This verse is part of a letter written by the Apostle Paul to his protégé Timothy, who was leading the church in Ephesus. In this verse, Paul is urging Timothy to hold fast to his faith and to maintain a good conscience, or sense of right and wrong. He warns that some people have "put away" their faith and have suffered spiritual ruin as a result, or as the King James Version puts it, have "made shipwreck" of their faith. This is a metaphor for spiritual destruction, which implies that abandoning one's faith and moral principles can have severe consequences.
Paul goes on to name two individuals in the following verse (1 Timothy 1:20) who had made shipwreck of their faith: Hymenaeus and Alexander. Paul states that he had delivered them over to Satan so that they may learn not to blaspheme. This is a strong statement, but it shows the seriousness with which Paul viewed the abandonment of one's faith and the need for discipline and correction.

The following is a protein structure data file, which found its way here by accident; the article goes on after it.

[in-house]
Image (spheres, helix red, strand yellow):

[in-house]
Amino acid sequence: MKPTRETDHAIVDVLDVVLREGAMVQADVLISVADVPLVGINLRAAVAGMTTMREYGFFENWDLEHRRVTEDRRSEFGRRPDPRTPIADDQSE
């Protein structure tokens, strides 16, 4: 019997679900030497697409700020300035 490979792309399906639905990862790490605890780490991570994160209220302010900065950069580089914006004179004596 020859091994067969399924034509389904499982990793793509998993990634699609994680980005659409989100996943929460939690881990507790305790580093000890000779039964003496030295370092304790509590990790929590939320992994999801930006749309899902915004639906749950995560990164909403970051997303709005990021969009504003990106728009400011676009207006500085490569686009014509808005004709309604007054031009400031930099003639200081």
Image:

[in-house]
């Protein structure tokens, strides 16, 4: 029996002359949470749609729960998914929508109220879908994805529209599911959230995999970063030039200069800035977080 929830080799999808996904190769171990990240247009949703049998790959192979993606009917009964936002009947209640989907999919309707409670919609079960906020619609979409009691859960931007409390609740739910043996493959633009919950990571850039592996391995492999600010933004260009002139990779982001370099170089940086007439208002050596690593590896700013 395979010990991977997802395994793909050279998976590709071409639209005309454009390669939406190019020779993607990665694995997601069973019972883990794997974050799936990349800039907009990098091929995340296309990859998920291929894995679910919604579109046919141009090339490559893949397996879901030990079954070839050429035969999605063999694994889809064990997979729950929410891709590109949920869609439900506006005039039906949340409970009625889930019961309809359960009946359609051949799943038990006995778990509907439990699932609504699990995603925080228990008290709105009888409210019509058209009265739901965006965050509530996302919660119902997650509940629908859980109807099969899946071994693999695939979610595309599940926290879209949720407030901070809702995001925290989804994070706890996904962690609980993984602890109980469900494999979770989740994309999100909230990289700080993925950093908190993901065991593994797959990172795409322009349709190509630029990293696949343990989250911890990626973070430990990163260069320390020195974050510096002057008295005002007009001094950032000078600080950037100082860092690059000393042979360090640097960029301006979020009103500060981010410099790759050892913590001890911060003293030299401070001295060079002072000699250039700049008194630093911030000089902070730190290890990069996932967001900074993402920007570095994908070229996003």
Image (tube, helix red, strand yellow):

The overall message of this verse and the surrounding passage is to encourage Timothy to persevere in his faith and to avoid being led astray by false teachers or by his own doubts and fears. It is a call to hold onto the truth and to maintain a clear conscience, even in the face of opposition or persecution.
In summary, it emphasizes the importance of faith and a good conscience in the Christian life, and warns against the dangers of abandoning one's faith or moral convictions. It also reminds us that spiritual destruction can be a consequence of such abandonment.
1 Timothy 1:19. Holding faith and a good conscience; which some having thrust away made a shipwreck concerning the faith.